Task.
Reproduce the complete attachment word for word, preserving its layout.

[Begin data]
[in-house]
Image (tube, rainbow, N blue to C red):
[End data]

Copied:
[in-house]
Image (tube, rainbow, N blue to C red):